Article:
Thursday, July 13, 2006

Drenched In Murk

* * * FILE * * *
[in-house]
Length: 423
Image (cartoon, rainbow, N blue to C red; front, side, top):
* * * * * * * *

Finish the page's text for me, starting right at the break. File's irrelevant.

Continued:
It was a phone call that told my mother to turn the television to CNN. Her tone of voice was calm but focused. Winter of 1991, I was eleven and scud missiles were raining down on Israel. I wondered then, as I do now, what it's like for my mother to watch pictures play over newscasts of crumpled apartment buildings on streets she used to drive down herself. I wonder if she still recognizes the buildings and the restaurants. It must be like seeing World Trade turned to ruins. The worry on her face told me that this was real - as certain things in life are. Children know those certain things. Death is real. Divorce is real. Love is real. War is real. The next morning at day school, after the pledge, an announcement was made that we would be praying for those living in Israel and their families. We did. Aside from the kids at day school, nobody else I knew was worrying about their family having gas masks that worked properly. Quickly, the word "Hebrew" on our busses was covered up with a block of wood. Stones had been thrown as it traveled down our nice, suburban streets. One morning, a swastika was spray painted in blue on the school walls along with some other signs I didn't recognize. The kids across the street taunted us on their way home from school. I futilly called one boy Dumbo, making reference to his floppy ears and told him I'd not only give him a black eye but take pleasure in doing so. It didn't make any sense that we should be afraid. But we were told to be. I was afraid enough. Almost years later, when watching a video tape of home movies that my aunt brought with her on a visit, I watched her camera scan my Aunt Lisa's house. She sat in a dining room chair, arms and legs crossed, eyes half open as always, a casual smile on her face. She pointed a finger to the ceiling and the camera focused in on her ceiling lamp. It looked like a flower, petalled by thick, murky plastic the color of packing tape. It was still there from the war which had ended so long before the video was taken. But it was a reminder of the fact that the house had once been drenched in it. The only protection for loved ones in from the world raging on the out. I wondered what that would be like. To live wrapped in plastic. Would I know what was coming before it hit me? Would I even be able to see it? Or is the plastic just like a child covering their head from a thunderstorm... It's hard for me to watch CNN, FOX or MSNBC for too long a period of time for two reasons. One, because my family is over there. Two - because I want to be there. I want to stand in the midst. Watch the eyes of the IDF as they try to hide the concern and focus while answering petty media questions. See the people hesitate when they wake. See the world unfold in a place where it never settles.

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